The IPCC is not a self-selected group of scientists with a political agenda. [...]
The IPCC is too big an organisation to be captured by an ideological cabal or fall foul of group-think. It draws in scientists from every discipline from many different nations. Climatologists from Benin rub shoulders with scientists from the West, and from Saudi Arabia and other petrol-states for whom belief in global warming is against their immediate interests.
Firstly Prof H fails to point out that the IPCC's scientists are all nominated by governments and that governments are not always the neutral bodies some would like to think they are. More seriously he ignores the evidence that certain IPCC lead authors and section editors certainly did attempt to force through one particular viewpoint despite complaints from those who disagreed. See comments by Pielke Sr, Pielke Jr and McKitterick to name just three off the top of my head.
The IPCC process also makes it impossible for green propaganda to be slipped in. The IPCC has published four reports — in 1990, 1995, 2001 and 2007. Each contains three volumes covering science, impacts and mitigation; in 2007 each volume was about 1,000 pages long. Their main content is a detailed review of thousands of peer-reviewed scientific papers. But a report from Greenpeace or any other campaigning body would not be included because the science would not be considered robust enough.
This is in fact a bare faced lie. Some of the more alarmist chunks of sections 2 and 3 appear to have been sourced from the WWF, Greenpeace and so on. It is true that the main contesnt is a review of thousands of scientific papers but the bits that get the coverage - the reported imminent melting of glaciers, starvation in Africa, desertification of the Amazon rain forest etc. seem to have not come from such a rigorous process but to have come from "Greenpeace or [...] other campaigning bod[ies]"
A further myth is that the IPCC is alarmist. In truth, it’s far easier to find what now looks like excessive caution in IPCC reports. For instance, the 1990 report stated that increases in greenhouse gases were causing global warming but added that, because of natural climate variability, this warming could not be clearly detected in the observed record. As warming has continued at about the rate projected by the reports, each subsequent report has in general shown increasing confidence in its conclusions.[...]
A third myth is that the IPCC has refused to recognise that there has been no significant increase in global average temperature in the past decade or so. Sceptics cite this as evidence against human-induced global warming. But the level of natural year-to-year variability in the temperature record shows that a decade is too short a time to establish a change in the long-term trend.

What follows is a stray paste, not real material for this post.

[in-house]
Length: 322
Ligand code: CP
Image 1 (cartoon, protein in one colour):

This section seems a tad over optimistic. I'm not sure what warming rates the IPCC itself put down but from the work by Lucia it is clear that the models used by the IPCC and others have, since around 2000, significantly overestimated heating. Indeed Prof Phil Jones himself said temps since 1995 had increased only at 0.12C/decade which is just 60% of the 2C/century that I've seen quoted in many places as the IPCC projected increase.
Finally he concludes as follows:
Perhaps there is a criticism that can be made of IPCC scientists: they have been too slow publicly to defend their integrity. They have not been willing or able to hit the airwaves or make their case in newspapers. But scientists are now faced by powerful lobbies who are working to distort and discredit the science behind climate change. We scientists have facts on our sides — we must not be afraid to deploy them.
I would say that if the IPCC scientists have failed to defend their integrity then that is perhaps because every time they seem to have tried they have been shown to have been somewhat economical with the actualité. Furthermore it is worth pointing out that the really powerful lobbies have, until recently at least, been solidly on the side of the IPCC and its band of alarmists. Politicians and government funding have all leant heavily towards the AGW is a danger side of the equation and funding of the skeptics has been minimal. Despite such minimal funding skeptics have demonstrated significant weaknesses in a number of IPCC sponsored claims regarding global warming. If anyone has been distorting the science it is the environmental lobbyists.
An English olive tree in a garden in Frinton on Sea. The tree is young but apparently flourishing. As always click on the image to see it enlarged and don't forget to visit of the olive tree blogging archives for further reminders of how nice olive trees are.